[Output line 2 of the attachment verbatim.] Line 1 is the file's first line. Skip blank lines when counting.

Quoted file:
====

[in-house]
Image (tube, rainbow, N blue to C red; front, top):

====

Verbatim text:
Image (tube, rainbow, N blue to C red; front, top):